Also included within the console and connected to the bus is a printer 54, which is a known type such as a Model FX-86e dot matrix printer manufactured by the EPSON Corporation. The printer is an option for use when there is a requirement for providing hard copy print out 56 (FIG. 1) of the brake test results. An input/output (I/O) interface 58 connects the console bus to the annunciator 18.

In operation, each axle of a vehicle is tested one at a time. Each test measures left-side and right-side: axle weight (W1, Wr), rolling resistance (R1, Rr), and brake force (BF1, BFr) The brake force is measured by fixed frequency sampling each side over a test time (TT) interval as the test operator applies the brakes. From the sampled values, the signal processor calculates the imbalance between left and right side brake force for each axle, and determines the maximum sampled brake force value. A pass/fail determination is made immediately, announced (on the annunciator) and the test results are printed in hard copy.

Referring now to FIG. 3A, the signal processor enters the present brake test program routine on operator command at START 60, and instructions 62 require auto zero of all registers to erase prior test results. This includes the weight, rolling resistance, and brake force registers, as well as reseating the brake test clock to zero and the maximum brake test time interval (TTm) to a selected value ($).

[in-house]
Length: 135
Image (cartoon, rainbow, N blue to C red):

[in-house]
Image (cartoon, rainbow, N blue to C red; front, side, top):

Instructions 64 display "1ST AXLE TEST * PLACE 1ST AXLE WHEELS ON TESTER" on the annunciator 18 for a selected time interval, after which the computer enters the axle test sub-routine 66. The sub-routine 66 performs the entire brake test for each axle, and is activated only with actuation of the rollers (20-23). The rollers, normally static, are actuated in response to placement of the vehicle wheels on the testers. Instructions 68, the first of the sub-routine, display the annunciator message "POSITION ON ROLLERS * NEUTRAL * RELEASE BRAKE * WAIT".

The vehicle front axle is driven onto the tester; the brakes and steering are released, and the transmission is shifted into neutral. The rollers start turning after an approximate 10 second delay. During this delay the axle weight is measured.